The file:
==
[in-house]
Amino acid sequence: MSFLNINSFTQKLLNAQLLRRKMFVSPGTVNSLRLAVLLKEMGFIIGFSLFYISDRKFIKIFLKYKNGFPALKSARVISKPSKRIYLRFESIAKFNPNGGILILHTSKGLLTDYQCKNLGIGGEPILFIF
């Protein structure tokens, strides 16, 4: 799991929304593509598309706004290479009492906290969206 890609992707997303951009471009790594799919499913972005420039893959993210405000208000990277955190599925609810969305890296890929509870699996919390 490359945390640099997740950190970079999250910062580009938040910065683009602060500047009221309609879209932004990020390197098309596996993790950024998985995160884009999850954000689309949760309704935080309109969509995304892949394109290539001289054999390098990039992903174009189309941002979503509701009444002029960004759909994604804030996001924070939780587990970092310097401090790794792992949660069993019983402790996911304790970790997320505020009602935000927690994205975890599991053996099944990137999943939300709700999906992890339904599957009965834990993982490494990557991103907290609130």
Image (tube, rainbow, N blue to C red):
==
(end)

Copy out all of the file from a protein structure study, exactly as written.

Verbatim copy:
[in-house]
Amino acid sequence: MSFLNINSFTQKLLNAQLLRRKMFVSPGTVNSLRLAVLLKEMGFIIGFSLFYISDRKFIKIFLKYKNGFPALKSARVISKPSKRIYLRFESIAKFNPNGGILILHTSKGLLTDYQCKNLGIGGEPILFIF
């Protein structure tokens, strides 16, 4: 799991929304593509598309706004290479009492906290969206 890609992707997303951009471009790594799919499913972005420039893959993210405000208000990277955190599925609810969305890296890929509870699996919390 490359945390640099997740950190970079999250910062580009938040910065683009602060500047009221309609879209932004990020390197098309596996993790950024998985995160884009999850954000689309949760309704935080309109969509995304892949394109290539001289054999390098990039992903174009189309941002979503509701009444002029960004759909994604804030996001924070939780587990970092310097401090790794792992949660069993019983402790996911304790970790997320505020009602935000927690994205975890599991053996099944990137999943939300709700999906992890339904599957009965834990993982490494990557991103907290609130």
Image (tube, rainbow, N blue to C red):